When it comes to adopting an “unrealistic” view of economic and fiscal prospects, this has to be one of the most unrealistic forecasts ever made by a Canadian government. Interest in reforming and simplifying the personal income tax system has come mainly from economists, economic think tanks, national organizations and special interest groups. The payoff of such a review, however, would be substantial in both financial and economic terms. A reasonable estimate would be annual savings of at least $5 billion. These new resources could be used to support tax changes that would strengthen economic growth and job creation. The CGA report concludes that: “It would be extremely valuable for the federal government to review the literally hundreds of targeted tax measures in the personal tax system to determine their relevancy and need …” Equally important is the need to reform the Corporate Income Tax (CIT) system, but probably on a more selective basis. The CIT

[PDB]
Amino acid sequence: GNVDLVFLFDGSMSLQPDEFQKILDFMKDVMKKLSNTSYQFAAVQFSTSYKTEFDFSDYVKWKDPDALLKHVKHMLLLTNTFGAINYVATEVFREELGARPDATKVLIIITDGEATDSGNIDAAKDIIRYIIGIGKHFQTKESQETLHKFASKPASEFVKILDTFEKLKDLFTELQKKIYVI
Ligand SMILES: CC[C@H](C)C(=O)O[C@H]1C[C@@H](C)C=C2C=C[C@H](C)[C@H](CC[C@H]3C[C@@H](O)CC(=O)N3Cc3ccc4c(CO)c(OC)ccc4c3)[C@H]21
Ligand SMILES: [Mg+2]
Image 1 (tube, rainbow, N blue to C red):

system has undergone significant changes over the past twenty years. Impediments to investment have been removed (e.g., the elimination of capital taxes), corporate tax rates have been reduced, and the capital cost allowance system has been improved. Nevertheless, there are areas, (e.g., corporate reorganizations, taxation and repatriation of foreign source income) which need to be reviewed with the objective of simplifying the system and reducing the costs of compliance, which are not shared equally across sector. The CGA report concludes that: “The benefits of tax simplification are clear. It means increased compliance rates and lower compliance costs for taxpayers. It means less paperwork for business and lower administration costs for government. It means a stronger system with a more secure tax base and predictable revenue.” Our fifth suggestion is that the government implement a medium-term tax reform strategy, that supports savings, investment, job creation and economic growth. We agree with the Government on the importance of lowering personal and corporate income taxes. There is no doubt that the Government has lowered taxes since coming to Office in 2006. Most notable was the lowering of the GST by two points in 2006 and 2007. This reduced government revenues by about $13 billion annually and growing.